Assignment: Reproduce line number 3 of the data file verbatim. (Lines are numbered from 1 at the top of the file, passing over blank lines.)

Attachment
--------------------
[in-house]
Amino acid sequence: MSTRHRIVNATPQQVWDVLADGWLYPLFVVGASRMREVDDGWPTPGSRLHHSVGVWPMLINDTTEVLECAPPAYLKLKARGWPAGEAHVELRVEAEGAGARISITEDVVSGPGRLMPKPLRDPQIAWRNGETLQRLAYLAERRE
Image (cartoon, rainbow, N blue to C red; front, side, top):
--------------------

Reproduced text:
Image (cartoon, rainbow, N blue to C red; front, side, top):